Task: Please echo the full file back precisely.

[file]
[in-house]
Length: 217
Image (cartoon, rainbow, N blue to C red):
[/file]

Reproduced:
[in-house]
Length: 217
Image (cartoon, rainbow, N blue to C red):